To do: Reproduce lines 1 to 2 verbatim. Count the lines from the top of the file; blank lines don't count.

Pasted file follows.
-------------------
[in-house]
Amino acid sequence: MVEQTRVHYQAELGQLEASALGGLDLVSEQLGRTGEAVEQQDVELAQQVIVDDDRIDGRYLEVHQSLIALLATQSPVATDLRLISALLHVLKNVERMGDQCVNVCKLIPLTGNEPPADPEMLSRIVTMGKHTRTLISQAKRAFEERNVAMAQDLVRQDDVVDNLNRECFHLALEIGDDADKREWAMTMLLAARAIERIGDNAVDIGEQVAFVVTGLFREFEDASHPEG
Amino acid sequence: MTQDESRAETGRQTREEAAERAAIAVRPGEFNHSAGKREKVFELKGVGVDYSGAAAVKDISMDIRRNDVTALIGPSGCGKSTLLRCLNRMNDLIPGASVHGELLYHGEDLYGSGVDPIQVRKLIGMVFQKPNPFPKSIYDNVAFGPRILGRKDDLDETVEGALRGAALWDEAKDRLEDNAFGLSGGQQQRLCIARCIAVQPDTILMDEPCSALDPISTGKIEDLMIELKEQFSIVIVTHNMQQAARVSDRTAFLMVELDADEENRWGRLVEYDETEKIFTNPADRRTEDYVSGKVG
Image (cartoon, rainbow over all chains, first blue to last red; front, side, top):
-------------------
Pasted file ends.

[in-house]
Amino acid sequence: MVEQTRVHYQAELGQLEASALGGLDLVSEQLGRTGEAVEQQDVELAQQVIVDDDRIDGRYLEVHQSLIALLATQSPVATDLRLISALLHVLKNVERMGDQCVNVCKLIPLTGNEPPADPEMLSRIVTMGKHTRTLISQAKRAFEERNVAMAQDLVRQDDVVDNLNRECFHLALEIGDDADKREWAMTMLLAARAIERIGDNAVDIGEQVAFVVTGLFREFEDASHPEG